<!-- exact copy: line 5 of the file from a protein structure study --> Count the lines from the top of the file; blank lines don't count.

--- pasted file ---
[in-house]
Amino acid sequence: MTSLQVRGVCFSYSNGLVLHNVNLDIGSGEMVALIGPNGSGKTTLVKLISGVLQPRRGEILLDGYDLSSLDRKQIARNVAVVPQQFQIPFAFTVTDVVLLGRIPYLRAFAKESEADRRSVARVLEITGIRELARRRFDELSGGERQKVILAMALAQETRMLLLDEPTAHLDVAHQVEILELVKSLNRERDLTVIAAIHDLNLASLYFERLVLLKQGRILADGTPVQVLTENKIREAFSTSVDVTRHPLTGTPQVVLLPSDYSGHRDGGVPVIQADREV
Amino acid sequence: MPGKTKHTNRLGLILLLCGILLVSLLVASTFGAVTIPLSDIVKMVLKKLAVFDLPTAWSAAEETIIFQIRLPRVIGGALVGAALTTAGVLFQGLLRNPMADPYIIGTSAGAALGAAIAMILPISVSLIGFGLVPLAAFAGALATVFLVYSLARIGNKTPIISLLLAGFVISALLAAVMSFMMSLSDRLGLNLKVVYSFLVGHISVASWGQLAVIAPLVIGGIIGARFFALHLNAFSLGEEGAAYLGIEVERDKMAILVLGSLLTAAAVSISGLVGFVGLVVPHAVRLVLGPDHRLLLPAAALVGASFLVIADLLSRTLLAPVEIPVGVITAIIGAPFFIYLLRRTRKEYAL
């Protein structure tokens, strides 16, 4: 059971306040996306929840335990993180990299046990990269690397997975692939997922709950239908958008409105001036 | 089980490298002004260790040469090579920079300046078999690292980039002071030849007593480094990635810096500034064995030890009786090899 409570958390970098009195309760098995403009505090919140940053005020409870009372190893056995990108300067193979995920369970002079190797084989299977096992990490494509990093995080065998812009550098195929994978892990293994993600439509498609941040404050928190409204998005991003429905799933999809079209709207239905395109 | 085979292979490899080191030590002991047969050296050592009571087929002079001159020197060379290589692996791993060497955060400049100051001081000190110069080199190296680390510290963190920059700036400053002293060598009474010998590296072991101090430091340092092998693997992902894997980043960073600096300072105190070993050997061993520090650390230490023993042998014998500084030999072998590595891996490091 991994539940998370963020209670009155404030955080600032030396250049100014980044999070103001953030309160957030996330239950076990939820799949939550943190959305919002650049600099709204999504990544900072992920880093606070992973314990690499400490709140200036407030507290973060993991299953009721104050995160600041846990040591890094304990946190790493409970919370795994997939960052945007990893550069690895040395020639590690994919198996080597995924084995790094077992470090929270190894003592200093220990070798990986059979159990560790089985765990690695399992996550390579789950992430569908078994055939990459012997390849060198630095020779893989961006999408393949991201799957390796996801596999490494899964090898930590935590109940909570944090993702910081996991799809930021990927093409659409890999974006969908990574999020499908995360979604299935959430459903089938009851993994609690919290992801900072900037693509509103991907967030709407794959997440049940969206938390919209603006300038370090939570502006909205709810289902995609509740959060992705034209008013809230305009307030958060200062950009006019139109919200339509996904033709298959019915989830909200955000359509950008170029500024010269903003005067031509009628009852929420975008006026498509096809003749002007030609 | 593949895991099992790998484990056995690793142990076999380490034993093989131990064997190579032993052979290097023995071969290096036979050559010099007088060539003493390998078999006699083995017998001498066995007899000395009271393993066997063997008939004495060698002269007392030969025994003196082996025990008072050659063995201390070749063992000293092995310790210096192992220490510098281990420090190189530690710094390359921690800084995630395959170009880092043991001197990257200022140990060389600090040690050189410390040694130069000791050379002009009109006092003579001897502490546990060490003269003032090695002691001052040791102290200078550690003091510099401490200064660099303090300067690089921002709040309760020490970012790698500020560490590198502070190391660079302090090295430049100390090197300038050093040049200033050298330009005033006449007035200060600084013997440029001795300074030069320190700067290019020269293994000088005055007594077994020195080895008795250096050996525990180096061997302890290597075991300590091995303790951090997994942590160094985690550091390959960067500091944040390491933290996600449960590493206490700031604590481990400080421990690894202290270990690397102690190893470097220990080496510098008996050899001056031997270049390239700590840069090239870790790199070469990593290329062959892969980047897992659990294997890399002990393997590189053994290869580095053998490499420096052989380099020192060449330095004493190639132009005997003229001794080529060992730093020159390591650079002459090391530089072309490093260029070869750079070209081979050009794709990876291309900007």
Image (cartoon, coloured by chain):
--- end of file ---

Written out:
Image (cartoon, coloured by chain):